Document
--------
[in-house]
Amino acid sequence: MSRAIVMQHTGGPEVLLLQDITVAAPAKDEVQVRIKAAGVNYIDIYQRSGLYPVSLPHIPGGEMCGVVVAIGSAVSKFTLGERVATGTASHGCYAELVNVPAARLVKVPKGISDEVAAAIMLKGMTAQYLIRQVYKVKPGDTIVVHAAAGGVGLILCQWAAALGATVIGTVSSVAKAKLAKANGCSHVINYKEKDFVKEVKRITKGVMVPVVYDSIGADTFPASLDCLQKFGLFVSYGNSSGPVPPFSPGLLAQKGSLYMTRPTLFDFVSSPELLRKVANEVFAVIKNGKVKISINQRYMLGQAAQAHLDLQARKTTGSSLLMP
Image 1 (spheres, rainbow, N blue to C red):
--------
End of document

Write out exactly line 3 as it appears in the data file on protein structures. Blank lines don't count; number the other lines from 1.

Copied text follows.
Image 1 (spheres, rainbow, N blue to C red):